On 17 November ESA astronaut Thomas Pesquet will become the 10th French astronaut to be launched into space, alongside Roscosmos commander Oleg Novitsky and NASA astronaut Peggy Whitson.
Journalists and representatives of social media are invited to watch the launch in France at La Géode, Paris, and La Cité de l’Espace, Toulouse. Both events are organised in conjunction with France’s CNES space agency.
Thomas will be the first French astronaut to visit the Space Station since ESA astronaut Léopold Eyharts helped to install the Europe’s Columbus module in 2008.
A former airline pilot, Thomas will travel with his two crewmates to arrive at the Station, to be welcomed by the current resident crew of three. They will travel in a Soyuz MS spacecraft, a recently upgraded version of Russia’s workhorse that has been in service for almost 50 years.
The trio will blast off from Baikonur Cosmodrome, Kazakhstan at 20:20 GMT and will arrive at the Station two days later.
Science is an important part of the mission. Thomas will conduct a wide range of experiments on the Station, an out-of-this world research outpost that serves as a stepping stone for human exploration.
His Proxima mission is the ninth long-duration mission for an ESA astronaut. It is named after the closest star to the Sun – continuing a tradition of naming missions with French astronauts after stars and constellations.
During Proxima, Thomas will perform more than 50 scientific experiments for ESA and CNES as well as take part in many research activities for the other Station partners.
Education and inspiring youngsters is another important part of his mission. Thomas is determined to make Proxima an exciting adventure for all his followers and work as an ambassador for science- and space-based careers.
School activities running alongside Thomas’s mission include elements of science or technology, from computer coding, growing crystals and maths demonstrations to fitness and nutrition.
Media wishing to attend one of these events, should register as follows:
ESA: Nicola Firth
CNES: Pascale Bresson
La Cite de l’Espace
Social media reporters should check here http://www.esa.int/ESA/Connect_with_us/Application_for_ESA_Social_Media_Credential
that they meet the eligibility criteria and register at https://myconvento.com/public/event_register/do_register/1493157 by 11 November.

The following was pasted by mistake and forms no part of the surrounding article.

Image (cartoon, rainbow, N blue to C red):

For these purposes, social media representatives are defined as bloggers or other social networking users who actively collect, report, analyse and disseminate news and information on digital media platforms.
ESA will cover the launch live on www.esa.int.
Subscribe at http://livestream.com/ESA/ to get notified ahead of the event about when streaming starts.
A Flickr album is available at: https://www.flickr.com/photos/thom_astro/
ESA TV will provide broadcasters with a live satellite relay of the launch. Several stories have also been prepared on the mission:
Details at: http://www.esa.int/esatv/Television
The latest high-resolution images can be found at:
ESA’s Multimedia Gallery:
ESA’s Photo Library for Professionals: http://www.esa-photolibrary.com
Media image queries can be directed to firstname.lastname@example.org
About the European Space Agency
The European Space Agency (ESA) provides Europe’s gateway to space.
ESA is an intergovernmental organisation, created in 1975, with the mission to shape the development of Europe’s space capability and ensure that investment in space delivers benefits to the citizens of Europe and the world.
ESA has 22 Member States: Austria, Belgium, the Czech Republic, Denmark, Estonia, Finland, France, Germany, Greece, Hungary, Ireland, Italy, Luxembourg, the Netherlands, Norway, Poland, Portugal, Romania, Spain, Sweden, Switzerland and the United Kingdom, of which 20 are Member States of the EU.
ESA has established formal cooperation with seven other Member States of the EU. Canada takes part in some ESA programmes under a Cooperation Agreement.
By coordinating the financial and intellectual resources of its members, ESA can undertake programmes and activities far beyond the scope of any single European country. It is working in particular with the EU on implementing the Galileo and Copernicus programmes.
ESA develops the launchers, spacecraft and ground facilities needed to keep Europe at the forefront of global space activities.
Today, it develops and launches satellites for Earth observation, navigation, telecommunications and astronomy, sends probes to the far reaches of the Solar System and cooperates in the human exploration of space.
Learn more about ESA at www.esa.int
For further information, please contact:
ESA Media Relations Office
Tel: +33 1 53 69 72 99
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